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New York City bans hair policies that target black people

PICTURED: Teenager Andrew Johnson having his dreadlocks cut prior to his wrestling match (Image: Screengrab/SNJ Today)

NEW YORK City has announced a ban on hair policies that enable organisations and employers to discriminate against black people.

The regulations issued by the New York City Commission on Human Rights are understood to be the first of their kind in the US.

A document outlining the new regulations states that grooming policies implemented by organisations unfairly target black people.

For years anti-racism campaigners have ruled such practices, which can prevent black people from being eligible for certain jobs, as racist. Now the New York City Commission on Human Rights is bolstering their cause with its ruling.

“Bans or restrictions on natural hair or hairstyles associated with black people are often rooted in white standards of appearance and perpetuate racist stereotypes that black hairstyles are unprofessional,” the commission said in a statement.

It made specific reference to the impact such regulations can have in daily life such as in work environments, at school and in sports.

In December, footage of a teenage wrestler in the US having his locs hacked off before competing went viral. Andrew Johnson was told by the referee of the high school competition that he would have to forfeit or cut his hair to play.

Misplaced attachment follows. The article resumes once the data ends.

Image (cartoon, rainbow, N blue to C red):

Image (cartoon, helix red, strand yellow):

As a result of the commission’s ruling, people like Andrew would be protected from having to choose between their hair and going about their everyday activities.

“The New York City Human Rights Law (“NYCHRL”) protects the rights of New Yorkers to maintain natural hair or hairstyles that are closely associated with their racial, ethnic, or cultural identities. For black people, this includes the right to maintain natural hair, treated or untreated hairstyles such as locs, cornrows, twists, braids, Bantu knots, fades, afros, and/or the right to keep hair in an uncut or untrimmed state,” the commission stated.

In 2014, the US department of defence, the country’s largest employer, introduced a ban on black hairstyles including afros, twists, cornrows and braids. Following outrage from serving personnel, the public and media, the ban was overturned. And in 2017, the US army lifted a ban on female soldiers wearing locs.

“These changes reflect a shift in American society in re-evaluating the basis for longstanding appearance norms, in light of their discriminatory nature, and the harm and burden placed on Black people who maintain prohibited hairstyles,” the commission stated.

Those who violate the commission’s guidelines could face fines of up to $250,000.

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